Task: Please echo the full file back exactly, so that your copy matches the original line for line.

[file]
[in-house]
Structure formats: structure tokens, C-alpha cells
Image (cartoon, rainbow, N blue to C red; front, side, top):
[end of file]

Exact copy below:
[in-house]
Structure formats: structure tokens, C-alpha cells
Image (cartoon, rainbow, N blue to C red; front, side, top):